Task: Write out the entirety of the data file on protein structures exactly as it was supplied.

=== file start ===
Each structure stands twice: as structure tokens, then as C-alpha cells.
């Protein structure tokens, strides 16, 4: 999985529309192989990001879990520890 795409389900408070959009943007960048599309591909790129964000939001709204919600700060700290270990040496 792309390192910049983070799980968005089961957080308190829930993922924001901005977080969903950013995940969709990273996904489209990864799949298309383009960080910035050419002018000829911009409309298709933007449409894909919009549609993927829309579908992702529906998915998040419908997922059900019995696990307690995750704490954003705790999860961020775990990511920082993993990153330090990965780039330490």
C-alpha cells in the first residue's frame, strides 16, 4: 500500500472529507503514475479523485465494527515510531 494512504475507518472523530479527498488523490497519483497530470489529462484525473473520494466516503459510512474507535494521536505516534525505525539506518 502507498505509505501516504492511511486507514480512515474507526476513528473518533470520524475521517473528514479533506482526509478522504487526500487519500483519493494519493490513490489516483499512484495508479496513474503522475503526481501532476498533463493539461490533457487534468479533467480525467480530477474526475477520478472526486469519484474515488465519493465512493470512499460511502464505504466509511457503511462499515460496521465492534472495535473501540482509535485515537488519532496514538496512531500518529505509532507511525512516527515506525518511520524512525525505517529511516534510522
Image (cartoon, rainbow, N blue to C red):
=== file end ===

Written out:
Each structure stands twice: as structure tokens, then as C-alpha cells.
């Protein structure tokens, strides 16, 4: 999985529309192989990001879990520890 795409389900408070959009943007960048599309591909790129964000939001709204919600700060700290270990040496 792309390192910049983070799980968005089961957080308190829930993922924001901005977080969903950013995940969709990273996904489209990864799949298309383009960080910035050419002018000829911009409309298709933007449409894909919009549609993927829309579908992702529906998915998040419908997922059900019995696990307690995750704490954003705790999860961020775990990511920082993993990153330090990965780039330490």
C-alpha cells in the first residue's frame, strides 16, 4: 500500500472529507503514475479523485465494527515510531 494512504475507518472523530479527498488523490497519483497530470489529462484525473473520494466516503459510512474507535494521536505516534525505525539506518 502507498505509505501516504492511511486507514480512515474507526476513528473518533470520524475521517473528514479533506482526509478522504487526500487519500483519493494519493490513490489516483499512484495508479496513474503522475503526481501532476498533463493539461490533457487534468479533467480525467480530477474526475477520478472526486469519484474515488465519493465512493470512499460511502464505504466509511457503511462499515460496521465492534472495535473501540482509535485515537488519532496514538496512531500518529505509532507511525512516527515506525518511520524512525525505517529511516534510522
Image (cartoon, rainbow, N blue to C red):